By & For Caballito Negro
Compositions by Caballito Negro:
That Which Colors The Soul (2015) – Tessa Brinckman & Terry Longshore; fl/tabla/electroacoustics/bottles/waterphone
Phantom Canyon (2018) – Tessa Brinckman & Terry Longshore; fl/melodica/toy piano/hand percussion/waterphone
Night Hunter (2018) – Tessa Brinckman & Terry Longshore; bass fl/vibraphone
Edge of Alchemy (2018) – Tessa Brinckman & Terry Longshore; prepared piano (4 hands)
Compositions commissioned by Caballito Negro:
Ivan Trevino – This is Like Jazz (2015) – flutes/percussion/vocals
Wally Gunn – Bare White Bones (2017) – flutes/percussion/vocals
Upcoming: Eric Griswold – Timbuktu Stories – flutes/percussion/vocals
Upcoming: Alex Shapiro – TBD – flute & percussion
Workshops & Masterclasses
While on tour we are offering students any of the following workshop topics (singularly or in combination), which are both hands-on and theoretical.
1) traditional masterclasses – for flute and percussion singularly or as chamber music (which can include other instruments also).
2) performance interpretation of works composed by students and/or faculty by performing them during the workshop, and leading students through solutions to orchestration problems commonly arising in flute and percussion repertoire
3) composition, with “That Which Colors the Soul” by Tessa Brinckman/Terry Longshore as an example of marrying traditional forms with modern aesthetics.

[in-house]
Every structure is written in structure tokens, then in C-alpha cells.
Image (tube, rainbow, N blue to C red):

4) arranging, with “Music for South Africa” by David P. Jones as an example of a creative arrangement, and recreating sound beyond the page.
5) intra-cultural theory, practice and issues arising in the use of Asian Indian, Indonesian, Japanese, and African music within Western contexts. Focus can be on specific rhythmic or modal traditions.
6) the use of improvisation and/or graphic notation in order to compose, or as a final compositional form. Different systems of improvisation (eg. Cage vs. Zorn vs. Partch vs. Indian vs. African vs. jazz vs. baroque) can be contrasted and utilized. The workshop directs important questions concerning a) how these forms serve performers best b) issues that arise over control of the performance and its consequent perceived value by both performers and audience and c) how performers communicate ie. the what and how or conversation through music.
7) composition for theater which may be incidental, through-composed and/or improvisational,
leading to individual working theories on how
text and music intersect. What musical languages have worked in theater so far, and what new territories are possible in professional theater practices? This would be best if the student demographic came from both music and theater worlds.
8) extending the technical palettes of flutists and percussionists